Chairman & Director      Executive Vice President, State Street Global Advisors, a division of State Street Bank and Trust Company, Boston, MA


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Name     

Capacity

With Adviser

     Business Name and Address of Other Position

Ellen Needham

     President & Director      Senior Managing Director, State Street Global Advisors, a division of State Street Bank and Trust Company, Boston, MA

Phillip Gillespie

     Chief Legal Officer      General Counsel, State Street Global Advisors, a division of State Street Bank and Trust Company, Boston, MA

Kristi Mitchem

    

CTA – Chief

Marketing Officer

     Executive Vice President, State Street Global Advisors, a division of State Street Bank and Trust Company, Boston, MA

Barry Smith

     Director      Senior Managing Director, State Street Global Advisors, a division of State Street Bank and Trust Company, Boston, MA

Ann Carpenter

     Chief Operating Officer      Vice President, State Street Global Advisors, a division of State Street Bank and Trust Company, Boston, MA

See “Management” in the Prospectus and “Management of the Trust” in the Statement of Additional Information for information regarding the business of SSGA FM. For information regarding broker-dealers and investment advisers affiliated with the Adviser, reference is made to the Adviser’s Form ADV, as amended, filed with the SEC and incorporated herein by reference.

ITEM 32. PRINCIPAL UNDERWRITERS

 

(a) State Street Global Markets, LLC, State Street Financial Center, One Lincoln Street, Boston, Massachusetts 02111, serves as the Trust’s principal underwriter and also serves as the principal underwriter for the following investment companies: SPDR Series Trust, State Street Institutional Investment Trust, SSgA Active Trust and SSGA Funds.

 

(b) The following is a list of the executive officers, directors and partners of State Street Global Markets, LLC (except as noted, none of the persons set forth below holds a position or office with the Trust):

 

  Nicholas J. Bonn   Chief Executive Officer, Chief Operations Officer and Director
  Stefan Gavell   Executive Vice President and Director
  Mark Snyder   Executive Vice President and Director
  Howard Fairweather   Director
  Peter Williams   Senior Vice President and Director
  Christopher P. Jensen   Senior Vice President, Chief Financial Officer and Director
  R. Bryan Woodard   Senior Vice President, Chief Legal Counsel and Secretary
  James Ross   Executive Vice President and Director
  Vincent Manzi   Vice President and Chief Compliance Officer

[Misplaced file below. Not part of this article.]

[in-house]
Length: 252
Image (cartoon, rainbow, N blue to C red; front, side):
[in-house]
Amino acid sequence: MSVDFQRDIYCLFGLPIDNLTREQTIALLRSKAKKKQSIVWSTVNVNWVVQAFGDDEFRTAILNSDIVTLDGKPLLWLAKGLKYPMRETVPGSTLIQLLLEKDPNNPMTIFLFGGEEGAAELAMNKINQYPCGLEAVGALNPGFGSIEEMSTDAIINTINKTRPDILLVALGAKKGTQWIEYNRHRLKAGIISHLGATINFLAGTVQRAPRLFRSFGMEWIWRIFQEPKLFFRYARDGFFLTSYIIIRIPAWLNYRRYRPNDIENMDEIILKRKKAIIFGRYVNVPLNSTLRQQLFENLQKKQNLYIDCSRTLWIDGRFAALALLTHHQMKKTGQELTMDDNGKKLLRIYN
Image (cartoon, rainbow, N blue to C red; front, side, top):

Melissa McKay   Vice President and Assistant Secretary
  John Conway   Vice President, FINOP

 

(c) Not applicable.


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ITEM 33. LOCATION OF ACCOUNTS AND RECORDS

All accounts, books and other documents required to be maintained by Section 31(a) of the Investment Company Act of 1940 and the Rules thereunder are maintained at the offices of SSGA Funds Management, Inc. and/or State Street Bank and Trust Company, each with offices located at One Lincoln Street, Boston, Massachusetts 02111.

ITEM 34. MANAGEMENT SERVICES

Not applicable.

ITEM 35. UNDERTAKINGS

Not applicable.


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SIGNATURES

Pursuant to the requirements of the Securities Act of 1933, as amended, and the Investment Company Act of 1940, as amended, SPDR® Index Shares Funds, the Registrant, has duly caused this Amendment to the Registration Statement to be signed on its behalf by the undersigned, thereunder duly authorized, in the City of Boston and the Commonwealth of Massachusetts on the 24th day of March, 2015.

 

SPDR® INDEX SHARES FUNDS
  By:  

/s/ Ellen M. Needham

    Ellen M. Needham
    President

SIGNATURES

Pursuant to the requirements of the Securities Act of 1933, as amended, this Amendment to the Registration Statement has been signed below by the following persons in the capacities and on the date indicated:

 

SIGNATURES    TITLE   DATE

/s/ Bonny E. Boatman*

   Trustee   March 24, 2015
Bonny E. Boatman     

/s/ Dwight D. Churchill*

   Trustee   March 24, 2015
Dwight D. Churchill     

/s/ David M. Kelly*

   Trustee   March 24, 2015
David M. Kelly     

/s/ Frank Nesvet*

   Trustee   March 24, 2015
Frank Nesvet     

/s/ Carl G. Verboncoeur*

   Trustee   March 24, 2015
Carl G. Verboncoeur     

/s/ James E. Ross*

   Trustee   March 24, 2015
James E. Ross     

/s/ Ellen M. Needham

   President and Principal Executive Officer   March 24, 2015
Ellen M. Needham     

/s/ Chad C. Hallett

   Treasurer and Principal Financial Officer   March 24, 2015
Chad C. Hallett     

 

*By:  

/s/ Patricia A. Morisette

  Patricia A. Morisette
 

As Attorney-in-Fact

Pursuant to Power of Attorney